The livelihood provided by a rickshaw can mean the difference between hunger and a full belly for an entire family. A rickshaw costs around a hundred and eighty thousand rupees to buy, the price of some laptops and less than the price of others gadgets using which we play useless games, watch movies and listen to songs.
A retired army officer runs a free clinic and education centre. He also distributes bags of ration to the poor every month. The smallest of these bags includes two kilos of ghee, ten kilos of flour, spices, tea etc and costs eleven hundred rupees. It fills the basic requirement for a small family for one week. It costs just under the price of a thick burger, regular fries and a 16 oz soft drink – junk food, still it is lunch for that very tiny segment of this society that can afford it.
In choosing illumination above any such action where does Islam or its Prophet (PBUH) or any of the principles and priorities taught by either come in?

Monday, December 21, 2015


Why migrate to another country and then stay away from its people?

In an effort to preserve their identity many migrants, particularly those from Pakistan, keep themselves and their children aloof from the wider community in their adoptive country.
‘I am so grateful our mother lives with us here,’ said one lady whose family had migrated to the US a few years ago. ‘Ammi neither lets my children go anywhere after school, nor does she let their friends visit them at home.’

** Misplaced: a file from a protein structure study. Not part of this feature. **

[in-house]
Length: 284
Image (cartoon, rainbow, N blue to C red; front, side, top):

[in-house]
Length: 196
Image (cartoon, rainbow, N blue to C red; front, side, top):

‘By the grace of God,’ declared anotherPakistani expatriate, this time in Australia, ‘we have never visited any kafir nor has any kafir visited us’, referring to all non-Muslim Australians out there. The speaker and her family had migrated to Australia several years ago, and were happily availing all facilities afforded to Australian citizens.
Far from preserving their identity such people remain eternally insecure, neither part of their adoptive country, nor of the country they have left behind. On the other side of the fence, their aloofness creates some very justified resentment. Perhaps it’s time for integration seeing that segregation has so patently failed to work.
After the acts of terror in Paris and California, Muslims and mosques have been threatened and in many cases attacked all over the world. Baroness Warsi, a British lawyer, politician and conservative parliamentarian of Pakistani descent, has suggested that mosques should be constructed to look more like other British buildings.
Integration is defined as fusing, meshing, blending into a larger whole. This could be in an emotional sense, or in the physical, which is what Baroness Warsi’s suggestion sounds like. A box-like brick structure with a sloping roof and no minarets that still houses Muslims who shun the influence of British society is a cosmetic solution that hardly solves any problems. What is needed is a stress on the values shared by different societies. There are plenty of these, more affinities in fact than differences.
Most Muslims, like most Christians, Jews or anyone else, are law abiding, peace loving citizens of wherever they happen to live. We donate to charity, we help our neighbours, we celebrate festivals, we cook interesting food, educate our children, and try not to lie, steal or hurt anyone. These are the things that should be stressed in a bid for integration. A group that is seen to participate in such values together with everyone else becomes part of the community and is better liked and understood. What they worship or wear becomes less important to others then.
As much as the Muslim public, its clergy (which isn’t really supposed to exist) needs reformation — education for a start. Seeing that it exists, it wouldn’t hurt for the clergy to study the strengths and weaknesses of its counterparts in other religions.